(Bloomberg) — Consumers may be in for sticker shock in the
coming decade as automakers turn to increasingly costly
technology to meet tighter U.S. fuel-economy mandates, according
the National Research Council.
Cars and light trucks in the U.S. are supposed to average
54.5 miles per gallon (0.425 km per liter) by 2025, double the
“New vehicles will be more fuel-efficient, lighter, less
polluting, safer, and more expensive to purchase,” according to
the report released Thursday.
The National Research Council, an arm of the independent,
nonprofit National Academy of Sciences, was asked by the
National Highway Traffic Safety Administration to look at how
automakers are coping with the fuel-economy targets.
“The increasingly stringent fuel economy and greenhouse-gas emission standards will drive the development of new
powertrain designs, alternative fuels, advanced materials, and
significant changes to the vehicle body,” according to the
How much consumers are willing to pay for fuel-saving
technology is a critical question, and studies conducted so far
are inconclusive, the report found. Automakers aren’t sure their
customers will buy more expensive cars if they can’t save enough
in fuel to offset the added costs within a few years.
Consumers have shown they’re willing to pay more for cars
with the safety features and infotainment systems they value,
said Michelle Krebs, an analyst with Autotrader.com.
Millennials, who will become the largest segment of car buyers
over the next decade, will play a huge part in determining
whether the fuel economy improvements gain acceptance, she said.
“We have a long way to go until 2025,” Krebs said. “We
have another 10 years for developing these technologies and
seeing what the costs are, and how these costs get passed down
One question is how many gas-electric hybrids or fully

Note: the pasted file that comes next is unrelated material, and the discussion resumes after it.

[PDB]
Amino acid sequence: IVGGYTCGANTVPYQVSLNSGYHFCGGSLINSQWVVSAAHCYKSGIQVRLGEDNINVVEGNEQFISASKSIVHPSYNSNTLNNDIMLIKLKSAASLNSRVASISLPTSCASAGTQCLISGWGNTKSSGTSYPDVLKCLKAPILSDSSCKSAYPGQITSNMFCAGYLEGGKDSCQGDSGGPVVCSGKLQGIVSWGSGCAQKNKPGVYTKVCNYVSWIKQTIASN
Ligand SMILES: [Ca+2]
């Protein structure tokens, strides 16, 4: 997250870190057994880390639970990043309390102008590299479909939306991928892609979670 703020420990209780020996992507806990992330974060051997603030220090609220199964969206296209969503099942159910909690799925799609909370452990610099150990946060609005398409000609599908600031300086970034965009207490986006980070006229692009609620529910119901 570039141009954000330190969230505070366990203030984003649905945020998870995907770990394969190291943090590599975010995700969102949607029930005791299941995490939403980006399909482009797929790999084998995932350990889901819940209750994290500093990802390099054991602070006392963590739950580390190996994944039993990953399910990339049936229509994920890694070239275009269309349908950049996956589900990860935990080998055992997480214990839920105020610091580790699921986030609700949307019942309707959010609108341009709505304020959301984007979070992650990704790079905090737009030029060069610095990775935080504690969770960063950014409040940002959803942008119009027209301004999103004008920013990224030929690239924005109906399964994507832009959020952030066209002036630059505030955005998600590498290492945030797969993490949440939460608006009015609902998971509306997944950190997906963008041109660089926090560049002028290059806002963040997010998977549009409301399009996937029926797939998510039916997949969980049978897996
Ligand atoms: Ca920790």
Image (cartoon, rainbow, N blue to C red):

electric battery-powered cars will need to be sold to meet the
goals. Those cars are generally more expensive to build.
California and nine other states are requiring a portion of car
sales to include “zero-emission vehicles.”
Roland Hwang, one of the NRC panel members, said that
technology costs have actually dropped since the council’s
previous review of fuel economy four years ago. A midsize car
could meet the 2025 standards with $1,181 to $1,689 in added
costs, Hwang said.
The 2011 study estimated $3,200 to meet the standards, said
Hwang, director of the transportation program at the Natural
Resources Defense Council, an environmental advocacy group.
That’s consistent with the history of auto regulation, which
shows the industry tends to innovate, coming in on time and
under budget, Hwang said.
Automakers have been laying the groundwork for a challenge
as the U.S. Environmental Protection Agency and NHTSA have
promised to review the regulations next year.
In recent months the lowest average gasoline prices in more
than four years have led to fewer small-car and hybrid sales,
making it harder to meet fuel-economy targets.
Still, fuel economy is becoming an item consumers are
willing to pay for, like safety and connectivity, according to
Bloomberg Intelligence analyst Kevin Tynan. More attractive
terms are leading more car buyers to consider leasing to offset
costs, Tynan said.
“Leasing has become the new initiative for
affordability,” Tynan said. “People will go in with a monthly
budget and get all of these features for that number.”
The NRC study shows regulators should stay the course, said
Daniel Becker, director of the Safe Climate Campaign, a
Washington watchdog group.
“The study shows the EPA and the Transportation Department
largely got their projections right,” said Becker. “There is
no justification for weakening the standards, as some automakers
To contact the reporter on this story:
Jeff Plungis in Washington at
To contact the editors responsible for this story:
Jon Morgan at
Steve Geimann, Ros Krasny